Finally: I don’t think it would matter if the substrate is cast iron or steel… or if it’s Kohler or another company… porcelain enamel is porcelain enamel. Again, though, I am hypothesizing.

  3. says

    I wish I would have read this article 7 years ago when we first moved into our mid-century bungalow. It has a funky turquoise blue tub and double sinks in the main bathroom. For being what I assume to be original to the house, these fixtures looked pretty darn good for their age.
    Seven years later, after using many different cleansers and cleaners, both the tub and sinks look their age. Obviously the products I’ve been used are WAY more abrasive than what the previous owners used for thirty years. It’s disappointing, because the more I fall in love with the special features of our mid-century house, the more I want to retain its original features. Unfortunately, the bathroom will eventually have to be gutted and its pretty blue fixtures removed because they are just too tired and old now to last another sixty years.
    Warning to new home owners: it may seem like nothing to use any old cleaner on your fixtures, but HEED THIS article. Maybe not today or tomorrow, but eventually you will notice the damage that you’ve done from using the wrong products on your fixtures. And you will be disappointed, like I am, having to imagine a boring old white tub and sinks taking their place.

  4. Donn Reese says


    Once again I’m blown away by your tenacity at doing the research and actually talking to the manufacturer’s about their products – great job.

    We stopped using abrasive cleansers a few years ago when we painted a 1980s era bath tub. The company that did the repaint recommended Scrubbing Bubbles, however I do not know if it is acidic and will be checking that myself.

    Our forthcoming bathroom remodel (next summer, I hope) will include a new cast iron/enamel bath tub from Kohler and I will be heading all their cleaning recommendations.

    However, an interesting consequence of the long term use of abrasive cleansers is the satin finish they eventually impart. We owned a house once with an original early-1950s tub that we retained in a remodel. It seems that the Comet/Ajax type cleaners where fairly standard and after many years of use they grind down that original glossy finish to a satiny feel, which does have an appeal of its own – or am I alone in that thinking?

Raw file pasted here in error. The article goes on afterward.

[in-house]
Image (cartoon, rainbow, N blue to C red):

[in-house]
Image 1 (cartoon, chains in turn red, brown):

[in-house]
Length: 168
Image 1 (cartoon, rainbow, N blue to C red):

Nontheless, the finish won’t last forever. Eventually one will clean/grind all the way down to the cast iron base. A prospect none of us look forward to.

    Thanks again, Pam.

    • pam kueber says

      Hi Donn, I think I know what you are saying, as I’ve had at least one old house with ancient tubs. Yes, as long as the fading is even — not yellow or grey, and not attracting more grime — I guess it would be fine. Hey: I have “patina”, too!

  5. TappanTrailerTami says

    Wow, Pam – our retro investigator extraordinaire! I think the only thing missing off this list is: bleach? Is diluted bleach ok – it certainly whitens the sink back up, particularly older cast iron ones….but also enamel on steel as well.

    I tend to fill my sink with some diluted bleach and let it soak, periodically – maybe once a month or once every couple a months as needed. Is this ok?

    Thanks for your exhaustive research!

      • Janice says

        I have done the same thing in my kitchen sink so I’m anxious to hear the effects of diluted bleach. Fortunately, I do completely wipe down my sink every day to remove water spots on my 2 year old white Kohler cast iron sink and I’ve never used any type of cleanser on it, so it still looks great. This just saved me from making a horrible mistake someday in the future. Thanks…again…Pam!

      • TappanTrailerTami says

        Hi Pam,

        Here is another to check with them – it is actually my favorite cleaner EVER. It is called Mean Green Super Strength cleaner and degreaser – it is a liquid, and will take wax off of floors if used straight. I use it for general cleaning diluted.

        This is made by CR Brands, is cheaper than 409 and all those fancy cleaners. It is biodegradable with no acid or bleach. The bottle says it is safe for anything from laundry to sinks to cleaning engines (!!!), which is directly related to whether it is used full strength vs. diluted.

        Here is the MSDS info on it:


  6. Annie B. says

    Which ROG product would be better at removing pot marks from my three-year old Kohler cast iron “smart” sink? I’ve used Comet on it since we had it installed and, I’ll admit, the glossy finish is beginning to dull. The bottom of the sink is beginning to yellow/gray a bit, too.

    Our tap water has a high mineral content, so we installed a water softener at the same time as the sink; therefore, I can’t really blame the dulling of the finish on too much calcium in the water.

    Occasionally, I’ve used liquid cleaners with bleach on it, but nothing seems to remove the pot marks completely or bring back the original whiteness of the bottom.

    I love this sink for its mid century modest styling and its practicality. It’s honestly the best one I’ve ever had, so I really want to keep it shining.

    • pam kueber says

      Annie B., how about trying the cork method that Kohler recommends?

      After that, I’d say — use the ROG1 creme cleanser — it’s for tough stains.

      • Annie B. says

        I’ll pop a cork tonight and let you know what happens.

        This method sounds almost too good to be true, but Kohler did recommend it.